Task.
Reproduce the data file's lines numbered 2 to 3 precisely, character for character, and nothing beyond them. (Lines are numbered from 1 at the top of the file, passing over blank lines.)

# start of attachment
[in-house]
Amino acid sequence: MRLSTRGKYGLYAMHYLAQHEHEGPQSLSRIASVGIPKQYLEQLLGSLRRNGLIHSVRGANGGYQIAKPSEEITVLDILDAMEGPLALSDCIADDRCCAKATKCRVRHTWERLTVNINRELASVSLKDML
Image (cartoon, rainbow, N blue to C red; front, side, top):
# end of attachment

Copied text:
Amino acid sequence: MRLSTRGKYGLYAMHYLAQHEHEGPQSLSRIASVGIPKQYLEQLLGSLRRNGLIHSVRGANGGYQIAKPSEEITVLDILDAMEGPLALSDCIADDRCCAKATKCRVRHTWERLTVNINRELASVSLKDML
Image (cartoon, rainbow, N blue to C red; front, side, top):